But it was the tone that set it apart. The combination of self-aware spoof, satire, and a core of sincerity. It had obviously ludicrous news bulletins, and most of the villains were cartoons. But Murphy's plight was genuinely affecting, and Paul Weller's performance was dead serious. I think Tim Burton was going for a similar tone with his Batman movie - Michael Keaton's low-key Batman was surrounded by freaks - but Robocop worked better on that level because Murphy was much more vulnerable. We got to see him blown to pieces, and even when he came back as Robocop he seemed broken (there was something child-like about Robocop, he was a goody-two-shoes who ate baby food).

And the film had a genuinely nervous feel, too. It had horrible ultraviolence punctuated by dark jokes. It felt as if an insane underground art film director had been given some money and minimal oversight and left to his own devices. I remember the director saying in the commentary that they got away with a lot because the hero was a policeman, and genuinely sympathetic; whatever he did to the villains was less than they had done to him. And if the villains wanted to kill each other, why not?

The other two Robocop films got the tone wrong. Robocop II was a non-stop bullet orgy freakshow with some cartoonish nods at sincerity, that felt as if a child had been asked to make something that was a bit like Robocop, but TO THE MAXXXXX!. I haven't seen the third film.

So, really, if the reboot's going to be any good - if it's going to be Robocop, and not The Punisher in a Metal Suit - it has to get the tone right. The combination of satire, exaggerated but genuinely horrible ultraviolence, and sincerity. Also, it has to have ED-209. And it has to be well-written. I mean, the parallels between Batman and Robocop are huge, I would be happy if they treated it as a Batman film, e.g. classy. But with ultraviolence. It always got me that the villain was called Clarence. The new film should have a villain called Florence. Or Melody.

"Are you dense? Are you retarded or something? I'm goddamn Robocop!"

I'd change the suit, though. Paul Weller always looked as if he was pouting. That might have been a Paul Weller thing. But I wondered why the villains never shot his mouth. On a story level they had to keep some of his face, so that we can relate to the character. And perhaps he had armoured teeth. I dunno. The costume in Robocop II looked a bit camper, it was light blue. And, yes, it has to have someone being liquidifed and then splatted against a car window. That was awesome. "Help meee!", SPLAT. Simultaneously horrible and funny. Like watching videos of women giving birth. Modern films seem bland in comparison.
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  #9  
Old 05-13-2012, 07:01 AM
armedmonkey armedmonkey is offline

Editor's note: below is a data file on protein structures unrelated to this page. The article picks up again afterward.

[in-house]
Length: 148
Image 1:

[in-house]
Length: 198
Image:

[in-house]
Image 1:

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Originally Posted by Ashley Pomeroy View Post
and Paul Weller's performance was dead serious. <<snip>> Paul Weller always looked as if he was pouting. That might have been a Paul Weller thing.
"Peter". The man's name is Peter Weller. He was Buckaroo Banzai!

As far as what I want to see in the remake, they absolutely have to keep e209's arch nemesis: stairs. The thing's worse than a classic Dr. Who Dalek, when it comes to that.
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  #10  
Old 05-13-2012, 07:09 AM
Jonathan Chance Jonathan Chance is offline
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"Peter". The man's name is Peter Weller. He was Buckaroo Banzai!
Buckaroo Banzai didn't play LiveAid. The Style Council did. That makes them cooler.

What would I want from a Robocop reboot? A different movie, I suppose. I find the trend in reboots dismaying. But that's tilting at windmills, really.

Last edited by Jonathan Chance; 05-13-2012 at 07:09 AM..
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  #11  
Old 05-13-2012, 07:48 AM
Disposable Hero Disposable Hero is offline
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Originally Posted by Ashley Pomeroy View Post
I'd change the suit, though. Paul Weller always looked as if he was pouting. That might have been a Paul Weller thing. But I wondered why the villains never shot his mouth. On a story level they had to keep some of his face, so that we can relate to the character. And perhaps he had armoured teeth. I dunno.
Just a nitpick on an interesting post as I've heard this mentioned several times before. Its quite subtley done but I believe the movie makes clear that although Robocops face looks vulnerable its actually just as artificial as the rest of his body.

When Lewis touches his face she says his skin is cold, its just a flesh-like material over a metallic skull probably made to make him appear more appealing and humanlike to members of the public.